The Rock Song Lyrics That Spurred A Two-Year FBI Investigation

By Heather Ramsey on Wednesday, September 2, 2015
Portrait of rock and roll artist singing
“Let children read whatever they want and then talk about it with them. If parents and kids can talk together, we won’t have as much censorship because we won’t have as much fear.” —Judy Blume

In A Nutshell

The silliest FBI investigation into rock music occurred when The Kingsmen’s song “Louie Louie” hit #2 on the charts in 1963. Parents were outraged by the alleged obscenities in the song. One even wrote to Attorney General Robert F. Kennedy. The governor of Indiana banned the record, and Michigan almost did, too. Some radio stations wouldn’t play it. But the FBI surpassed them all with a two-year investigation that ended with a 119-page report of their findings, which can be summarized as “the parents had really dirty minds.” The incredibly tame lyrics are about a sailor and his love for his girlfriend.

The Whole Bushel

The FBI spent quite a bit of time in the 1960s and 1970s investigating rock music and rock musicians. It didn’t take much to get on their radar.

In 1971, Elvis even offered to be an informant for the FBI. According to a memo in his FBI file, “Presley indicated that he is of the opinion that the Beatles laid the groundwork for many of the problems we are having with young people by their filthy, unkempt appearances and suggestive music. [ . . . [He advised that the Smothers Brothers, Jane Fonda and other persons in the entertainment industry of their ilk have a lot to answer for in the hereafter for the way they have poisoned young minds by disparaging the United States in their public statements and unsavory activities.” FBI Director J. Edgar Hoover refused to meet Elvis, who had his own image problems among the staid, older set.

In any case, it was a hypocritical move from someone who had been dubbed “Elvis the Pelvis” for his gyrating hips after singing “Hound Dog” on The Milton Berle Show in 1956. Critics called him vulgar and animalistic. In a later appearance on The Ed Sullivan Show, Elvis was filmed from the waist up so as not to offend anyone.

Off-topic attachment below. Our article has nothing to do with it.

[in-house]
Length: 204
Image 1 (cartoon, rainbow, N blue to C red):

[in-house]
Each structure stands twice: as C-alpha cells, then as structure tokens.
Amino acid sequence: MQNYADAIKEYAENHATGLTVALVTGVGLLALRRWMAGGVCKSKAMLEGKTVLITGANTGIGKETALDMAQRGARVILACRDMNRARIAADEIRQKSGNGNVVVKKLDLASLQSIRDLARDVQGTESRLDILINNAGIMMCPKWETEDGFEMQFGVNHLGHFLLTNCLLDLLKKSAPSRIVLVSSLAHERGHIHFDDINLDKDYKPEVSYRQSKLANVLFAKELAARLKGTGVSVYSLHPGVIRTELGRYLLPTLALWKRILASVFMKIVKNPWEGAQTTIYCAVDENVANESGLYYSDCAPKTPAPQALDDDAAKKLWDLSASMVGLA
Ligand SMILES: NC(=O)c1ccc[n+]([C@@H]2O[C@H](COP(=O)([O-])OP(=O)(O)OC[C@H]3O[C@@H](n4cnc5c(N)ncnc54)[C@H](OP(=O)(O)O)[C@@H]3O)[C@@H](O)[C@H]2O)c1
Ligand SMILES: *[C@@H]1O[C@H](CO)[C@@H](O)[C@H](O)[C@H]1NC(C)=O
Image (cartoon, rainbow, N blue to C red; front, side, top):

Of course, the FBI didn’t need any encouragement to put The Beatles on their radar. When John Lennon met with anti-war activists in New York in 1971, the FBI put him under surveillance. He was almost deported the following year. The Nixon administration was especially concerned by Lennon’s activities because 18-year-olds had just received the right to vote. John Lennon was rightly seen as having influence on that demographic in a presidential election. He wasn’t granted a green card until Gerald Ford took office.

But easily the silliest FBI investigation into rock music occurred when The Kingsmen’s song “Louie Louie” hit #2 on the charts in 1963. The song uses exactly three chords, but it’s a catchy tune. It wasn’t the music that was the problem, though. It was the indecipherable lyrics.

When The Kingsmen recorded the song, the microphone was hanging from the ceiling too far above lead singer Jack Ely’s head. Standing on his tiptoes, he had to shout the song into the mic above the loud music. The fact that the 20-year-old was wearing braces on his teeth didn’t help, either.

Parents were outraged by the alleged obscenities in the song. One even wrote to Attorney General Robert F. Kennedy. The governor of Indiana banned the record, and Michigan almost did, too. Some radio stations wouldn’t play it. But the FBI surpassed them all with a two-year investigation that ended with a 119-page report of their findings, which essentially found that the parents had really dirty minds. The FBI had played the song at every speed imaginable and still couldn’t understand the lyrics.

Unlike the FBI, we’ve discovered what Jack Ely was singing. Before you read any further, get the kids out of the room. Here’s the uncut, uncensored version of the lyrics to The Kingsmen’s 1963 hit, “Louie Louie”:

A Louie Louie

oh no, said we gotta go
yeah yeah yeah yeah
ya said a Louie Louie
oh baby
said we gotta go.

A fine little girl, she waitin’ for me
me catch a ship, across the sea
me sail that ship ah all alone
me never think how I’ll make it home.

A Louie Louie
yeah nah nah now
said we gotta go
oh no, said Louie Louie
oh baby said a we gotta go.

[Obscenity shouted by drummer Lynn Easton when he dropped his drumstick, which the FBI seems to have missed.]

Three nights and days I sailed the sea
me think of girl, ah, constantly
ah on that ship I dream she there
I smell the rose ah in her hair.

A Louie Louie
whoa no, said we gotta go
yeah yeah yeah yeah
ya said a Louie Louie
oh baby
said we gotta go.

Okay let’s give it to ’em right now!

Me see . . . 

Me see Jamaica a moon above
it won’t be long me see me love
me take her in my arms again.
I’ll tell her, “I’ll never leave again.”

A Louie Louie
oh no, said we gotta go.

Yeah yeah yeah yeah
ya said a Louie Louie
whoa baby
said we gotta go.

I said me gotta go now.

Let’s hustle on outta here. Let’s go.

Show Me The Proof

Baltimore Sun: Elvis offered to snitch for FBI
The New Yorker: Is This The Dirtiest Song Of The Sixties?
The True Lyrics to Louie Louie (video)
PBS Culture Shock: Elvis Presley
NPR: Uncovering The ‘Truth’ Behind Lennon’s FBI Files
Daily Beast: How ‘Louie Louie’ Launched a Boner-Related FBI Investigation

  • Hillyard

    Our tax dollars at work. Good thing there weren’t any actual crimes going on at that time.

    Bloom County did an excellent job of looking into the indecipherable lyrics of that song.

    http://www.gocomics.com/bloomcounty/2014/09/30

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